With Facebook becoming more of a pay-to-play social network, and with the ability to pay for placements and reach on YouTube, Twitter, and other platforms, having a healthy social media budget at one's hands is a welcome and helpful tool in executing successful communication and social media campaigns. For many organizations, such a budget is a novel concept and other organizations still have no fiscal allocation for social media activities.
How to increase your social media budget
There are many things one can do to increase an organization's social media budget, but I'm going to focus on just one way in this brief blog post:
Look at your organization's marketing/public relations/communications budget as a whole. A sample budget might look like this:
Company ABC's Marketing Budget
- Outdoor ads: $10,000
- Newspaper: $5,000
- Sponsorships: $10,000
- Phonebook: $10,000
- Online: $2,000
- Conference ads: $15,000
- Event marketing: $5,000
- Other: $3,000
- Social media: $1,000
- Total: $61,000
Company ABC has goals. Its marketing budget is put in place to help it reach its specific goals. A savvy marketer should monitor the performance of each tool the department uses to distribute content it hopes will help Company ABC reach its goal in an efficient and effective way. Let's say Company ABC is an high-end ice cream chain with five locations. Let's also say that since Company ABC began operations in 1994, its target audience has remained primarily in the demographic age range of 15-35 years old. A lot has changed since 1994. 15-to-35-year-olds communicate and behave much differently than that same demographic did 20 years ago. Perhaps the marketing group for this chain performs a bit of informal research and finds out that their target audience makes most desert decisions by talking with friends and by using their smart phones to perform searches for local dessert options. Given this generalization of the situation, do any items listed above seem to appear like they could be ineffective at reaching this target audience?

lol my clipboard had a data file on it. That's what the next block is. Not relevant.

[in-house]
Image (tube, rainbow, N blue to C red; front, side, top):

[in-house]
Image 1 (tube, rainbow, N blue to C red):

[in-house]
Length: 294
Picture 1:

One of the easiest ways to add budget dollars to one's digital marketing budget is to look out for the best interests of your organization and carefully consider its goals and weigh the performance of its spends against the goals to determine which activities seem to be the most efficient, effective ways for the organization to reach its goals.
Let's say the results of your research show that Company ABC is only effectively reaching 10-15 customers for its annual phonebook placements. The cost to reach each customer would be $1,000 / 15 customers = $666.66 per customer. Can Company ABC reach potential ice cream shop customers more inexpensively with other means? Under this same scenario, you might find that the cost to reach 1,000 on social media is $5. One could effectively transfer $5,000 from the phonebook budget allocation to the social media budget increasing it from $1,000 to $6,000. Notice that the overall marketing budget, under this scenario, did not expand. On one had to approach the CEO and ask for more funds. Budget dollars were simply reallocated from one marketing category to another in an attempt to be more efficient and effective with allotted funds.
In short, an easy way to potentially grow your social media marketing budget is to evaluate where current marketing dollars are being spent and how effective those dollars are in helping the organization reach its goals. Based on your findings, make reallocation adjustments to better meet your organization's goals.